Strong meaningful relationships provide a stress-coping mechanism and this might be the reason for reduced cardiovascular reactivity, which is a risk factor for the development of disease.


Outside there’s something we definitely miss in front of a computer (or a phone).

And this something is the sun.

What does the sun do?


And also?

It makes vitamin D. Alright, actually we make vitamin D. But we need some help from the sun for that.

Once we’re outside we can form vitamin D from a precursor of cholesterol and use it for our own needs. Of course, many people know we need vitamin D for our bones and to prevent rickets in children and osteomalacia in adults.

But vitamin D is needed for more than just that. It is crucial for life – its action is needed for more than 200 genes! 200 genes!!!! How many genes do you control?

Immune cells cannot work without vitamin D

Some immune cells (monocytes and macrophage) are directly influenced by this vitamin. They need vitamin D to function right.

This is why when some nasty bacteria enter the body and is recognized by immune cells, these immune cells express more receptors for vitamin D. If there’s enough vitamin D in the body, then enough vitamin D would bind to the receptor.

This would then make the immune cell produce enough antibiotics to eliminate the parasite. If the vitamin D level in blood is low – we’re risking an infection and tons of other diseases like cancer and cardiovascular diseases. This is how I picture this goes down…(yes, I made this graphic…)

Graphics made with the emojis from EmojiOne.

The scary thing is that around 40% of the population in developed countries is vitamin D deficient – if not more. That’s a lot.

So go outside. Responsibly of course, don’t get yourself a sunburn, the sun is dangerous these days. Yet your skin can probably tolerate 10-15 min a day, so you get the vitamin D you need.

If you can’t get vitamin D from the sun, you need a supplement, because this vitamin is found only in a few foods (fish and fortified foods) and not in sufficient amounts.


This is a dream come true for me.

Petting a dog (and probably any pet) boosts immunity.

Again sounds like a super weird method to boost immunity, but pets have been shown to be beneficial to health in several studies.

Petting an animal and even just being around one can lower your blood pressure, heart rate and even cholesterol levels.

And it might even be better than friends. Not that you’d be petting a friend, but if you would, it wouldn’t be as beneficial as petting a cat or a dog.

As for the immune system: one experiment with 55 college students studied whether or not petting a dog would raise the secretory IgA levels (first defense molecules in the mucous membranes).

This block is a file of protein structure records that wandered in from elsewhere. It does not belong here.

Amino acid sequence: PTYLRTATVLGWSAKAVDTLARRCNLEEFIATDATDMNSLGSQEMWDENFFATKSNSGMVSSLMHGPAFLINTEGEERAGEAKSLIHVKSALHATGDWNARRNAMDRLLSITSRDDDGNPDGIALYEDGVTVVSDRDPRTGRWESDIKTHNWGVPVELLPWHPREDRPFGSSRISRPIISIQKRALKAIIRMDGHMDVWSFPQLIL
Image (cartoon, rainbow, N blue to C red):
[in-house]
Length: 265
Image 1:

So what they did was:

  • one group pet a living dog,
  • a second group pet a stuffed dog (hmmm)
  • and the third group just chilled on a couch for 18 minutes.

Can you imagine petting a stuffed dog for 18 minutes? That’s messed up.

But it turned out that IgA levels were elevated afterwards for everyone who was petting a dog – no matter if it’s alive or stuffed.

On top for the people who petted a living dog it didn’t even matter whether or not they liked dogs, they still produced a lot of IgA.

And for the guys chilling on the couch, nothing changed, even though they were also relaxing. So there’s something to pets, beyond just relaxation.

Petting an animal to me is like honey for my soul, it brings me joy and a feeling of reward. Like with positive personality, there are benefits beyond just reducing the effects of something bad.

Of course, if you’re afraid of animals or have an allergy – petting a pet would not be a brilliant idea, but if you don’t – go ahead, it’s good for you, show that dog some appreciation. And if you like me don’t have a pet yet, try petting other people’s dogs or cats, when they’re not looking.


THE END…maybe

I made this list without even realizing that all these habits result in happiness.

Think about it.

For example, the foods that are immune-boosting also improve mood (I’ll talk about this in another post).

Doing exercise again: also proven to improve mood.

Expressing yourself and getting control of your life?

I can’t think of something that would make anyone happier.

And sleeping?

Well, to understand how important sleep is, try being happy when you haven’t slept in a while.

Happiness is related to health and has a very strong relationship to longevity.

Its effects are comparable to whether or not you’re smoking.

I hope you implement the habits on this list in your daily routine and not just improve  your immunity, but also become happier.

You Might Also Like

  • How To Eat To Reduce Inflammation
  • The One Habit To Help You Live Longer
  • 7 Ways To Sleep Better At Night

Leave a Reply

Your email address will not be published. Required fields are marked *